We'll be tweeting, posting some blog entries and uploading some pictures over the next week so be sure to check back here often or follow @mikesgene or @GenomeAlberta.
In the meantime here is a very small sampling of what you can find on Twitter from some of those part of the Science Online 2012 community.
@BoraZ Open science, publications & digital evolution: Like it or not science and research are changing http://t.co/2tcAdiAT @AggieResearch #scio12
There were roughly16,000 New Year tweets per second whizzing around the InterWebs a few days ago and it eventually brought Twitter to grinding halt in some areas.
Those numbers should give a hint to how popular Twitter has become. While I'm sure the majority of those New Year's Tweets we simply New Year's best wishes or where to find the best place to ring in the New Year, there is still a lot of good, solid content out there.
Like so many other publications, blogs, and websites, Twitter was awash with year end lists so we decided why fight it and so our bi-weekly Twitter Snips is a list of the more interesting lists found around Twitter.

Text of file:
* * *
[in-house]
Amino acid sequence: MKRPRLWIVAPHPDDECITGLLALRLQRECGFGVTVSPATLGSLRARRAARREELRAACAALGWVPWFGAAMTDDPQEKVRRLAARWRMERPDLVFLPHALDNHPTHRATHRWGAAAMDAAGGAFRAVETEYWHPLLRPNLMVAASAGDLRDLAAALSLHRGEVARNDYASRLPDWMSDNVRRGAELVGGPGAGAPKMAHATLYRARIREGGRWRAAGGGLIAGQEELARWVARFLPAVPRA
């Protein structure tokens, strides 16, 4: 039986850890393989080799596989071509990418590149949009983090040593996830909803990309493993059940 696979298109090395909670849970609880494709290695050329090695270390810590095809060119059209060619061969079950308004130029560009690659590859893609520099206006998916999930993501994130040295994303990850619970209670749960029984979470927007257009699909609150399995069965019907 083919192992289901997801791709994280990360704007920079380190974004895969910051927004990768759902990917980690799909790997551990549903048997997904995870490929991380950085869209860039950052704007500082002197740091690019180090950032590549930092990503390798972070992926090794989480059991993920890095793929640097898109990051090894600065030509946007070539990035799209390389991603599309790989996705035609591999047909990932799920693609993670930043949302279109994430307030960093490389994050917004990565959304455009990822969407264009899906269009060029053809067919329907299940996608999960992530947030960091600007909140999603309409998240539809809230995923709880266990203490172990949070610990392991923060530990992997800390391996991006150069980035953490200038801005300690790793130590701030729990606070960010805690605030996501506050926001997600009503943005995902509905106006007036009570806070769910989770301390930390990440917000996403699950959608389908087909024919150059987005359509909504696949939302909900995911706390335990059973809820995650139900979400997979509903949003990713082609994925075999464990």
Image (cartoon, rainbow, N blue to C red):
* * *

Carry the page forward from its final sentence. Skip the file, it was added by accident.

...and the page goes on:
The links are checked and safe to visit and you can ( and should !) follow us on Twitter as either @mikesgene or @GenomeAlberta .
@23andMe Blog Post- Our Top 10 for 2011: We thought 2010 would be hard to top but we’re happy to say that 2011 has been exciting. http://bit.ly/t7xrFI
Genome Canada the umbrella organization for Canada's regional Genome Centres has posted a new Strategic Plan on their website. Genome Canada is a not-for-profit organization established in February 2000 and is funded in large part by Industry Canada. Together with the regional centres such as Genome Alberta, many important large scale genomics research projects and technology platforms have been made possible in Canada.
With a solid track record over the last 10 years, the new Strategic Plan looks ahead for the next 10 years.
Sadly genetics, bioethics, and stem cells are NOT the top Twitter topics for the past year. Oh no, Justin Bieber and company still hold that honour but it isn’t because the science and research community are not on Twitter. Quite the contrary in fact. Top science writers and editors from journals such as Nature and Scientific American are active on Twitter. Many researchers funded by the Genome Centres can be found hiding in the Twitter reeds and politicians are taking to it in growing numbers.
Many scientists tend to shy away from anything that requires the conciseness of 140 characters which put them off the tool and I've heard grave concerns about project confidentiality being blown in a tweet. Haven't seen it happen yet and in general researchers can control their keyboard so I'm not convinced that is a real concern. Mary Canady at Comprendia in San Diego blogs extensively about how the life science can benefit from the new social media tools and many top companies and organizations have embraced the practice. As a means to get out information to people who might not otherwise ever read a full science article. Twitter is an excellent tool.